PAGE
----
Samantha Cameron

Samantha Cameron’s visit to a refugee camp in Lebanon, 2013

In an earlier visit to Syrian refugees in Lebanon Cameron was accompanied by his wife, a strategy he uses when he wants to convey his more compassionate self. On the day, Samantha Cameron was wearing a meant-to-be-visible t-shirt of Save the Children. I can’t tell if such dressing choice was her idea or the suggestion came from Save the Children comms office. Perhaps this is not the point. This photo of the day captures the cosy relationship between the humanitarian organisation and the UK government and reminded me of the BBC news interview I mentioned earlier. It turns out that Save the Children is among those who are gaining financially from Cameron’s refugee strategy of warehousing refugees in camps as far away as possible from British shores.

I went to Oxford demo for refugees last week, many like me are critical of the government refugee plan and feel the urge to help refugees concretely making donations to NGOs and support organisations, perhaps we all should be more careful to who we donate to and how our donations are used.

*An earlier version of this blog wrongly implied that Samantha Cameron had visited the camp today.

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Juncker appeals to European hearts with refugee plan, but one leader is already shaking his head

Nando Sigona, University of Birmingham 

[This article was originally published on The Conversation. Read the original article]

The refugee crisis and how to handle it has occupied the agenda of Jean-Claude Juncker’s European Commission presidency. It has been less than a year since he took office, during which time Europe has been plunged into the largest refugee crisis since World War II.

It is no surprise therefore that the crisis was given such prominence in Juncker’s first State of the Union address. Since October 2013 when more than 300 people drowned off the coast of Lampedusa, the number of people dying at the borders of the EU has been staggering.

The refugee crisis has amplified existing tensions in the EU and particularly between the European Commission and member states. Some are committed to using the current situation and what they see as a failure to protect EU borders to renegotiate their position in the EU, claim back powers from Brussels and appease growing nationalist forces at home.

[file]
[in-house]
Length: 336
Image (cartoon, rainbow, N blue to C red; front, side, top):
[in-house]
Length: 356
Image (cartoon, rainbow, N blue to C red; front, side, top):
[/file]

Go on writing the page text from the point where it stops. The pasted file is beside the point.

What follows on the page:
Hungary is building a four metre-high fence along its border with Serbia to keep migrants and refugees from crossing its territory. Relations between nationals and the refugees who have entered the country are becoming tense.

Meanwhile, the UK is sending fencing material and sniffer dogs to Calais to keep a relatively small number of migrants from trying to cross from France to the UK via the Channel tunnel.

Juncker questioned how effective such measures are, both practically and morally, when he said:

We can build walls, we can build fences. But imagine for a second it were you, your child in your arms, the world you knew torn apart around you. There is no price you would not pay, there is no wall you would not climb, no sea you would not sail, no border you would not cross if it is war or the barbarism of the so-called Islamic State that you are fleeing.

In keeping with this tone, Juncker sought to shift the debate away from borders and security and towards asylum, solidarity and responsibility. He referred to a new EU-wide border management system and legal channel for economic migrants but the headline news was his call to significantly increase the number of places being offered on the relocation scheme for asylum seekers.

He called for quotas to be expanded from 40,000 to 160,000 and for member states to allow asylum seekers to work and earn from day one of their arrival in Europe. He also wants to make a fundamental change of the Dublin system that requires that asylum applications be dealt with by the first country of entry. Details on this are scarce at the moment but he called for greater unity in the EU’s approach.

On top of this, he argued that European governments should be able to fast-track asylum applications from people leaving certain countries that are considered more safe to live in – such as Albania, Kosovo, Serbia, Macedonia and Turkey. This, he suggested, would enable them to focus their efforts on applicants who are more likely to gain asylum, such as those from Syria, Iraq and Eritrea who currently have asylum recognition rate equal to or higher than 75%.

But, as the commissioner is well aware, the member states have not been particularly helpful so far. “I really hope that this time everyone will be on board. No poems, no rhetoric” he told the European Parliament.

European Commission President Jean-Claude Juncker
EPA/Julien Warnand